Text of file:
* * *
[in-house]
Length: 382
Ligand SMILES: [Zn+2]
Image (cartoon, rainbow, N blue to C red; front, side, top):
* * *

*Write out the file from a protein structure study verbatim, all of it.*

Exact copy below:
[in-house]
Length: 382
Ligand SMILES: [Zn+2]
Image (cartoon, rainbow, N blue to C red; front, side, top):